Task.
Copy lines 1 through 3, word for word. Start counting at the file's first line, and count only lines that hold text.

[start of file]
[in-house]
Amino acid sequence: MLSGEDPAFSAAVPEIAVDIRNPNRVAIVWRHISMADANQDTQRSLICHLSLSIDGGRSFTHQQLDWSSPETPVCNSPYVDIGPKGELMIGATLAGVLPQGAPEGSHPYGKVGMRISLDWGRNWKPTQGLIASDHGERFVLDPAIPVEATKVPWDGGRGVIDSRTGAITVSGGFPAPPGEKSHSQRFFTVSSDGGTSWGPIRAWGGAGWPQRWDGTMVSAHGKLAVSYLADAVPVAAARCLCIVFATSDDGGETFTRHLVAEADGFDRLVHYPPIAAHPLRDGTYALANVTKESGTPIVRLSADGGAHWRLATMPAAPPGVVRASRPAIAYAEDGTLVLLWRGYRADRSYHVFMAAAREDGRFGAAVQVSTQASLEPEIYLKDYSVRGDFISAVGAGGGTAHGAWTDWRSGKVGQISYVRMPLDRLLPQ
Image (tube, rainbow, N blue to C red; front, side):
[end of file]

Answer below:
[in-house]
Amino acid sequence: MLSGEDPAFSAAVPEIAVDIRNPNRVAIVWRHISMADANQDTQRSLICHLSLSIDGGRSFTHQQLDWSSPETPVCNSPYVDIGPKGELMIGATLAGVLPQGAPEGSHPYGKVGMRISLDWGRNWKPTQGLIASDHGERFVLDPAIPVEATKVPWDGGRGVIDSRTGAITVSGGFPAPPGEKSHSQRFFTVSSDGGTSWGPIRAWGGAGWPQRWDGTMVSAHGKLAVSYLADAVPVAAARCLCIVFATSDDGGETFTRHLVAEADGFDRLVHYPPIAAHPLRDGTYALANVTKESGTPIVRLSADGGAHWRLATMPAAPPGVVRASRPAIAYAEDGTLVLLWRGYRADRSYHVFMAAAREDGRFGAAVQVSTQASLEPEIYLKDYSVRGDFISAVGAGGGTAHGAWTDWRSGKVGQISYVRMPLDRLLPQ
Image (tube, rainbow, N blue to C red; front, side):